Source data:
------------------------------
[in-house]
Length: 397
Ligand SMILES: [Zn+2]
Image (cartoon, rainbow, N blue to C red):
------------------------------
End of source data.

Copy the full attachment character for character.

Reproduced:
[in-house]
Length: 397
Ligand SMILES: [Zn+2]
Image (cartoon, rainbow, N blue to C red):